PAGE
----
Study Guide

Hard Love Truth

By Ellen Wittlinger

Truth

That's what I love about writing. Once you get the words down on paper, in print, they start to make sense. It's like you don't know what you think until it dribbles from your brain down your arm and into your hand and out through your fingers and shows up on the computer screen, and you read it and realize: That's really true; I believe that. (1.42)

John loves the fact that things become true when he writes them, almost as though he is searching for more truth in his life.

The only thing I still needed to do was put my name on the cover and I'd be finished with my zine. But who was I? Marisol might not be her real name. Maybe she just liked that stuff about the "bitter sun." Like I said, you can be "true" without always telling the truth. (1.54)

Hmm… is that accurate? Can something be true without telling the truth? We're not sure about that one. After all, lying about his name gets John (or should we say, Gio) in a lot of trouble with Marisol. It makes her wonder whether he's trustworthy at all.

"It's a lie, you know, to pretend that nothing is important to you. It's hiding. Believe me, I know, because I hid for a long time. But now I won't do it anymore. The truth is bioluminescent. I don't lie, and I don't waste time on people who do." (2.61)

For Marisol, truth matters so much because she was once in the closet. It's not about being gay or straight, though—to her, it's about lying or telling the truth. She yearns for the truth now in everything because she can't stand what lies do to her.

"Well, I can't say I never lie. I mean I don't always tell my parents the whole truth, but nobody does that. I don't lie to my friends." As I said it I was actually picturing this large group of people to whom I am forever honest and loyal, instead of lonely old Brian, to whom I'll say almost anything. Even my imagination lies. (2.64)

Even John's promise not to lie contains a lie. He knows he has a problem with lying, which is why it's a match made in heaven when he meets Marisol: She makes it so he can no longer hide behind the half-truths and silence that he uses with his parents all the time. Now, he has to confront the whole truth and nothing but the truth.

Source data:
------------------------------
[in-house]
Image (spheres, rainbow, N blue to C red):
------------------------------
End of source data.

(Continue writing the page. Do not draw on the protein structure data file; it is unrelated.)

"Do you know what 'coming out' really means?" she asked, looking me square in the face again. "It means you stop lying. You tell the truth even if it's painful, especially if it's painful. To everybody, your parents included." (2.65)

Marisol's observation that coming out is about being truthful hits John hard. He's not truthful with his parents about what he thinks of them or how their divorce makes him feel. As it turns out, he needs to come out himself.

I kept thinking, how could anybody know so much about themselves? And about their parents! (4.13)

When he reads Escape Velocity, John is shocked by Marisol's self-confidence and self-awareness. He's never met someone so sure of themselves, and it's all the more powerful because of how open and honest Marisol is about who she is in her zine. She doesn't just know herself—she shares.

"No, Gio. Don't try to make it funny. Write the truth of it. It might turn out to be funny or it might not. Don't worry about that part. Just write it the way you're feeling it." (5.59)

The whole time John's trying to manipulate his writing to be one way or another, he's forgetting about the truth. His writing—and he, himself—is at its best when it's honest and doesn't pretend to be something it's not.

"Yeah, I liked it, but the part that makes the rest of it work, for me, anyway, is the line about not wanting anything else to change. It just rings true. And because the rest of the piece is so guarded, it feels like it just slipped out, which makes it seem even more true." (6.49)

Right away, Marisol zeroes in on the truth and repeats it. She's not interested in what John wants people to take away from the story; she's only spending time on what she believes the truth is. And guess what? She's right—John doesn't want his home life to change.

"It was honest, Marisol. I told them the truth for the first time. Isn't that what I was supposed to do?"

"There are different ways to tell the truth, Gio. If you care about people…" (14.46-47)

Here's the thing: John might be telling the truth, but does that make it okay to hurt someone? He knows how the letter will destroy his mom or tick off his dad, but he delivers them anyway. There's a difference between truth and cruelty.

"To tell the truth it couldn't matter less who wears the pants or the dress, but only who becomes visible to whom. You saw me truly, and I saw all you let me; I'm not lying now, and I hope I never will." (15.74)

Lying—or the promise of telling the truth—has been a big part of Marisol and John's relationship, so it's fitting that it would play a role in his poem to her. John doesn't want to lie about his feelings, and here, we can see that he vows not to anymore.